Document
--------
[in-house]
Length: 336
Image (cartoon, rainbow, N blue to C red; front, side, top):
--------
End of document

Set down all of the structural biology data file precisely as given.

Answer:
[in-house]
Length: 336
Image (cartoon, rainbow, N blue to C red; front, side, top):